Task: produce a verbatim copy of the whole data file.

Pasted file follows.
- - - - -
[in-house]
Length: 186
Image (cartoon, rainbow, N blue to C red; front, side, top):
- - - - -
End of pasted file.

[in-house]
Length: 186
Image (cartoon, rainbow, N blue to C red; front, side, top):